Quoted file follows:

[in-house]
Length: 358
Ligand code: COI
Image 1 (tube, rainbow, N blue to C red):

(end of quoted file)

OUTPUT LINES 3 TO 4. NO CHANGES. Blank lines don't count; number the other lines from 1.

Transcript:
Ligand code: COI
Image 1 (tube, rainbow, N blue to C red):